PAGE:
Bureaucracy has a lot to answer for, wherever in the world you are. Most of us have been held hostage by it at some point, and would probably agree that we would all be better off without it.
Farmers have a lot to answer for too, especially in Greece. And in particular, those that take industrial action between Athens and Macedonia on Thursdays.
Now don’t get me wrong, I’m definitely on the left side of left, and would be the last person to ban unions, or their members the right to strike. But really, was it absolutely necessary to block the main (only remotely sensible) road from Athens to Macedonia, all day on Thursday? Could they not have done it on Wednesday for instance, or even Friday?
To be fair we did know about the strike when we left Athens. But one can have a wealth knowledge yet still remain ignorant. And quite frankly we didn’t have a clue.
Our plan was to volunteer in the two camps in Macedonia. A week in the north and a week in the south. But we all know about the road to hell, and we lost our good intentions on the E75.
In the UK – thanks primarily to Thatcher – the withdrawal of one’s labour as a form of protest, is a highly regulated, bordering on illegal, activity. The Greeks however, still consider striking to be a reasonable form of action to resolve disputes. Which is great – on the one hand, but incredibly inconvenient on road to Macedonia.
We were expecting to pass groups of protesters along the roadside with megaphones and banners. Maybe warming themselves by an oil drum fire, making tea and almost certainly handing out leaflets and taking signatures.
But a farmer’s strike in Greece is a totally different ball game. It doesn’t mean a picket line, it doesn’t mean placards and marching, it doesn’t even mean withdrawal of labour -what would be the point, most farmers are self employed?
The hard core reality of a Greek farmers’ strike is that hundreds of Greek farmers drive their tractors onto the main highways.
And leave them there.
Try ignoring that!
Photo by Paul Hill
So instead of taking five and a half hours to travel from Athens to the Greek / Macedonian border, it took us almost ten. Diversions were organized of course, but you know the kind, where a couple of cardboard signs direct you around some back roads, and just when you’ve lost all sense of direction, the signs and the roads all disappear.
And all the satnav wants to do is take you back to the same road that is blocked. And it’s easy to understand why, because all other routes to the border don’t really involve roads – not in the traditional sense of the word. There is nothing for the satnav to ‘recalculate’.
And our maps, and all the road signs, and even the police directing the traffic don’t even share the same alphabet never mind speak the same language.
So you can imagine, it was ten hours that did wonders for our relationship.
But eventually we made it to the border, and we sailed through the Greek passport control. This was good news, no questions, no searches, just a quick glance at the passports and waved on. Cue false sense of security. Because at the second check point (the Macedonian one), our old friend ‘bureaucracy’ caught up with us.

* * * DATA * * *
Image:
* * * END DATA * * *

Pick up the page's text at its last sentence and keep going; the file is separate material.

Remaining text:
The man in the smart uniform kept asking for our green papers. What are green papers? Whatever they are I was pretty sure that we didn’t have any. Paul tried to fob him off with our recently acquired international drivers licenses, but he wasn’t having any of it. After a while an English speaking officer arrived, and explained that we needed some kind of ‘green papers’ to bring the hire car into Macedonia. Then he asked us where we were travelling to, and when I told him Gevgelia, he smiled, pointed and said, ‘oh that’s just 2 km over there…..but I still can’t let you in!’
I have since heard tales of ‘offers to purchase’ green papers, by the men in the smart uniforms at the checkpoints – which quite frankly, at this point would have been most welcome. But no, for us only an apologetic smile and a shrug of the shoulders, as we turned our car around to point back towards Greece.
It’s only about 200 metres between the two checkpoints and there was only 5 cars waiting in line. It quickly became apparent though that nothing was moving. After a little while we were able to find someone who spoke a few English words. Unfortunately for us though, they weren’t words that we wanted to hear. He simply said, Greek farmers strike block border.
Marvelous – we can’t get into Macedonia, but now there is no way back into Greece.
We are trapped in no man’s land.
No man’s land is probably not what you might at first imagine. There aren’t any high fences or razor wire, just a duty free shop, a casino and a car park full of taxis. There must be a solution here somewhere. Maybe not in the Casino, and, tempting though the duty free shop was, its possibilities were mostly confined to cheap booze, perfume and cigarettes. And so eventually we hit on the idea of ditching the hire car and taking a taxi into Macedonia. We could at least find a restaurant, book into a hotel and return in the morning refreshed and ready to sort this mess out.
Beurocracy was finally working in our favour.
Green papers only apply to cars – not people!
Macedonia here we come.